When fans have come to Neyland Stadium over the last decade, they haven’t been treated to the home dominance the Vols had back in the 1990s and early 2000s. Back then, the hundreds of thousands of Vol fans who filled Neyland every Saturday were usually treated to a victory or at least some competitive match-ups with conference rivals.
But over the last 10 years, that hasn’t been the case.
Tom Fornelli of CBS Sports posted an article discussing the betting trends of every team in the SEC over the last decade (or up until 2012 in the cases of Texas A&M and Missouri). And the data he found for Tennessee might surprise you.
Not only have the Vols been bad overall “against the spread” in betting, but they’ve been particularly bad at home and when they’ve been underdogs in Neyland Stadium.
“Much like Texas A&M, you want to bet against Tennessee when it’s at home,” Fornelli writes. “The Vols are 28-43-1 ATS at Neyland since 2008. Pay particular attention when the Vols are a home dog, as they’re 5-15 ATS.”
Two things immediately stand out about the numbers Fornelli presents. The first part that jumps out is that the Vols have been home underdogs 20 times over the last 10 years. That means they’ve been favored to lose on average twice a year in Neyland Stadium. The second aspect that stands out is that the Vols have been an abysmal 5-15 in those games, meaning they’ve only managed to cover the betting spread five times in those 20 match-ups.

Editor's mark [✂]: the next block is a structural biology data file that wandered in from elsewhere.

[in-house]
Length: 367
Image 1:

That means the Vols have lost by more than what Vegas expected them to lose by 15 of the 20 times they’ve been underdogs at home.
The majority of those losses at home can be attributed to Alabama and Florida over the last decade. The Vols have been blown out by Alabama almost every time they’ve played them regardless of where the match-up has been, and Florida dominated Tennessee for years before Tennessee could catch up to them.
Other games, such as the Vols’ loss to Oklahoma in 2015, featured a much smaller spread that Tennessee didn’t end up covering despite a small margin in the final score.
Regardless, Tennessee’s record against the spread at home overall has been bad. Tennessee won against UMass and Southern Miss last year at home, but those wins were much closer than expected, thus qualifying them as a loss against the spread.
Overall in SEC play, the Vols have gone just 17-23 at home over the last 10 seasons. Tennessee has only had three seasons in that span in which they ended the year with a winning record at home in conference play. The Vols haven’t gone undefeated in SEC play in Neyland Stadium since the 2007 season.